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At 8 o’clock on the morning of December 12, 2016, having traversed the whole of Beijing City, Feng Xuesong, a TV producer and documentary director, finally arrived at the Liangxiang Campus of Beijing Technology and Business University. It was the 14th leg of the campaign “Fang Dazeng on Campus,” and also the final leg of 2016.
Initiated by Feng Xuesong, “Fang Dazeng on Campus” is a charity event, which aims to visit 20 Chinese universities to display Fang Dazeng’s life and China’s history in his times. The tour began in September 2015 and will run until July 2017, the end date marking both the 80th anniversary of the Lugou Bridge Incident (also known as the Marco Polo Bridge Incident), launched by Japan in July 1937, and also the 105th anniversary of the birth of Fang Dazeng.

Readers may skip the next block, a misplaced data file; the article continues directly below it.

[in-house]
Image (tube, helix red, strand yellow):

Since the end of 1999, Feng has been “looking for Fang Dazeng” in all kinds of ways. He has looked up historical documents, visited Fang’s old friends and returned to the last places mentioned in reports by Fang. Feng has not missed anything about Fang and has done almost biographical research on him. “Looking for Fang has been the most time-consuming task of my career,” claims Feng. “I won’t stop until I find him.”
Why Look for Fang?
On July 7, 1937, Japan began its full-scale invasion of China by launching the Lugou Bridge Incident, on the outskirts of Beijing. Three days later, Fang, then 25 years old, rushed to the battlefield with his camera. On August 1, as fighting against the Japanese aggressors continued on Lugou Bridge, a 7,000-word article under his pen name “Xiao Fang” was published in World Affairs, a magazine founded by the Communist Party of China in 1934. This was the first article to cover the battle with both text and pictures, making Fang the first correspondent ever to report on the Lugou Bridge Incident.